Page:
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United States Department of Agriculture

Agricultural Research Service


item Huff, Geraldine
item Huff, William
item Rath, Narayan
item Solis De Los Santos, Fausto
item Farnell, Morgan
item Donoghue, Ann - Annie

Submitted to: Poultry Science
Publication Type: Peer Reviewed Journal
Publication Acceptance Date: 12/6/2006
Publication Date: 4/1/2007
Citation: Huff, G.R., Huff, W.E., Rath, N.C., Solis De Los Santos, F., Farnell, M.B., Donoghue, A.M. 2007. Influence of hen age on the response of turkey poults to cold stress, Escherichia coli challenge, and treatment with a yeast extract antibiotic alternative. Poultry Science. 86:(4):636-642.

Interpretive Summary: Two trials were conducted to test the effects of a yeast extract antibiotic alternative for its ability to protect turkey poults from the effects of cold stress and infection with bacteria. In the first trial the product was effective at increasing body weights during the first week. Cold stress and bacterial challenge at 7 days of age decreased body weights and feed conversion efficiency and the yeast extract protected the turkeys from these changes. In the second trial, first week body weights were also improved, but there was no effect of cold stress and bacterial challenge on body weights and feed conversion and thus no protection due to the yeast extract. While experimental conditions were identical in these two trials, it was determined that the turkeys in the first trial were hatched from eggs obtained from young hens in their second week of lay, while the turkeys in the second trial were hatched from eggs obtained from older hens in their eighth week of lay. As these were the only apparent differences between the two trials, it is suspected that the age and laying experience of the hen may affect the stress response of her progeny and may be an important variable to control during study of the effects of stress on poultry.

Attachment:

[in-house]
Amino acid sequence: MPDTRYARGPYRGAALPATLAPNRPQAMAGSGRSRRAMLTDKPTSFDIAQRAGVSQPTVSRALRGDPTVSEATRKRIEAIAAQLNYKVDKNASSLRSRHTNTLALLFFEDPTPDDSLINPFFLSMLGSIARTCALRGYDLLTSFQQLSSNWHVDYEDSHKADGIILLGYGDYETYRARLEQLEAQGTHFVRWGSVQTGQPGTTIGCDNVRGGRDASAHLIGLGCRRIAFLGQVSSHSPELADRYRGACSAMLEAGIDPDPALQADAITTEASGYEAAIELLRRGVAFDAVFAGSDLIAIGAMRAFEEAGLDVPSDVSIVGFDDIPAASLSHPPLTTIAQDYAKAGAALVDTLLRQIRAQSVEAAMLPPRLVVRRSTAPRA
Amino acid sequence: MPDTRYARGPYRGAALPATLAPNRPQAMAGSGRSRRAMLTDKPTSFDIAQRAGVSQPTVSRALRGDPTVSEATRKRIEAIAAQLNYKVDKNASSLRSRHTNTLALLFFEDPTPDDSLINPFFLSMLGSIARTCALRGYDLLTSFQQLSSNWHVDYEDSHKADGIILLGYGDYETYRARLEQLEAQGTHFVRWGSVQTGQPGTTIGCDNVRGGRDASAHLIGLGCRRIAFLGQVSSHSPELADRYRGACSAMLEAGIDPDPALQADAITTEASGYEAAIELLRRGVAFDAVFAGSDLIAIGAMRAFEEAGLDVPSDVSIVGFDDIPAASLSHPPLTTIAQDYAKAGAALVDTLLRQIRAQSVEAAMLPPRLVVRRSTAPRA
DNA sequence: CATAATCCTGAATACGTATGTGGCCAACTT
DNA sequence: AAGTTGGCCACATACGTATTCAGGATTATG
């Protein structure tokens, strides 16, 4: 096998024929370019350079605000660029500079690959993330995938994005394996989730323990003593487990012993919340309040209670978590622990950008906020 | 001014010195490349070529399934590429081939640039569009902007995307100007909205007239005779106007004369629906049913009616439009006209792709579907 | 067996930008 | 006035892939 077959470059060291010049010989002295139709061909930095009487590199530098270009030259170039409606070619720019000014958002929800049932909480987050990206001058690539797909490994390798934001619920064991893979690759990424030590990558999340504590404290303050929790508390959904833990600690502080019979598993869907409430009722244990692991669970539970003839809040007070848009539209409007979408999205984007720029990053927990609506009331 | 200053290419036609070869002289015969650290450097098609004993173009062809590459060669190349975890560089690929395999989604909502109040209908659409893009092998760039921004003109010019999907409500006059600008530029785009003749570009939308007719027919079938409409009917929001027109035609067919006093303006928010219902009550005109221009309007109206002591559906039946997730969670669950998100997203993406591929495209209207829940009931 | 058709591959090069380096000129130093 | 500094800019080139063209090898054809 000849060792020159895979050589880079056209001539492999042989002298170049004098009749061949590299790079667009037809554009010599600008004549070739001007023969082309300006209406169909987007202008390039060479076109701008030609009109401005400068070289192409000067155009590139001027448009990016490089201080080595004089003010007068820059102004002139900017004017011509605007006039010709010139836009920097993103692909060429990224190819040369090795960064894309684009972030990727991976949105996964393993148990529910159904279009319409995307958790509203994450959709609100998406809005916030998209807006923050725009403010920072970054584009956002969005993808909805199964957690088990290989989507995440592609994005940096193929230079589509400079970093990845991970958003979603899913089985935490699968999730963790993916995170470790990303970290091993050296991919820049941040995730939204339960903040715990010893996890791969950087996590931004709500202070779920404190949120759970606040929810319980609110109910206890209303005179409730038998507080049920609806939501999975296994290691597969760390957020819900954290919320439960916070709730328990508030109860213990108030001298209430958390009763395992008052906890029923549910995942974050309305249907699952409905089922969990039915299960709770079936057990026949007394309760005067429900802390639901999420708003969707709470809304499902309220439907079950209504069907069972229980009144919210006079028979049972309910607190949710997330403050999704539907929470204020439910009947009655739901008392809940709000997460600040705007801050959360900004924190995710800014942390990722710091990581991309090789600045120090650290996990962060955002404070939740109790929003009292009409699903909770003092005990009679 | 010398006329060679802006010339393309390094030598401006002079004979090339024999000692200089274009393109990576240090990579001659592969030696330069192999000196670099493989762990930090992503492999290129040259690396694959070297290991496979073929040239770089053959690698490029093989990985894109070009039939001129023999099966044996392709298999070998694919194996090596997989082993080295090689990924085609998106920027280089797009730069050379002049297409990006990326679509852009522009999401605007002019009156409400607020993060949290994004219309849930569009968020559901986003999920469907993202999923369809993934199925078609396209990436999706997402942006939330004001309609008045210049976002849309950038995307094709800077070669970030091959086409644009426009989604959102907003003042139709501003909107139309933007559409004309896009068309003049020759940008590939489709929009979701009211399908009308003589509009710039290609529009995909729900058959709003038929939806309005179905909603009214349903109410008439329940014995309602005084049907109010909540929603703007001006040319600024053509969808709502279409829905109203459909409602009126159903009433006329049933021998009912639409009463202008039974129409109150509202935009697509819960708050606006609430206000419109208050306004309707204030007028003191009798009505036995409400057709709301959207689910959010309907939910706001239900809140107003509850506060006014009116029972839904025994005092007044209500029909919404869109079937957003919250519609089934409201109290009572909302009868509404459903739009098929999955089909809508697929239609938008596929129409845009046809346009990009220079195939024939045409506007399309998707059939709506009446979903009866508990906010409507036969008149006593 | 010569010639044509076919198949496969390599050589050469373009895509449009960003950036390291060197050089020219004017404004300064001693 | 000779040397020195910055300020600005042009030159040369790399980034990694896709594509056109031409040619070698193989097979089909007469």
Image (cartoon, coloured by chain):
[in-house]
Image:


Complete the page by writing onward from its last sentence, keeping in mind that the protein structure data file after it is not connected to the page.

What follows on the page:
Technical Abstract: 1. Two duplicated battery trials were conducted to evaluate a standardized Yeast Extract feed supplement, (Alphamune™) in a cold stress-Escherichia coli challenge of one-week-old turkeys. Trial 1 used day-old male Hybrid Converter poults from 33-week-old hens in their 2nd week of lay. Trial 2 used male poults of the same line from 40 week-old hens in their 8th week of lay. 2. In both trials poults were fed a standard unmedicated turkey starter diet or the same diet with either 1 lb/ton or 2 lb/ton Alphamune™. 3. Challenged birds were exposed to intermittent cold stress (12-16C) during weeks 1-3 and respiratory E. coli challenge at 1 week of age. Unchallenged controls were neither stressed nor inoculated. 4. In both trials, pre-challenge (week 1) body weight was increased by Alphamune™ supplementation. In Trial 1, challenged, control fed birds had significantly decreased week 3 body weight and feed conversion efficiency (FC) whereas in Trial 2, these parameters were not affected. In Trial 1, week 3 body weight and FC of challenged poults were protected by both levels of supplementation. In Trial 2, challenge had no effect on control-fed birds, however Alphamune™ decreased body weights of challenged birds. 5. In Trial 1, total leukocyte numbers (WBC) were decreased by challenge of control-fed birds only, and there was no effect of challenge on the heterophil/lymphocyte (H/L) ratio. In Trial 2, the WBC was decreased and the H/L ratio was increased in challenged control-fed birds. Supplementation with Alphamune™ resulted in increased basal H/L ratios of unchallenged birds, but there was no further increase due to challenge of the supplemented birds. 6. Percent mortality and air sacculitis scores were not affected by challenge in Trial 1, however in Trial 2 mortality was increased by challenge of control-fed birds and those fed 1 lb/ton Alphamune™. 7. These results suggest that poults from very young breeder hens may have a differential response to stress compared to those from older hens, and that Alphamune™ supplementation may protect poults from young breeder flocks from the production losses due to cold stress and E. coli infection.

Last Modified: 06/22/2017
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